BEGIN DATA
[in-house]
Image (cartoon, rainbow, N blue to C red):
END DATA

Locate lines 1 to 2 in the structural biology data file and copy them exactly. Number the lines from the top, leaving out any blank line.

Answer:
[in-house]
Image (cartoon, rainbow, N blue to C red):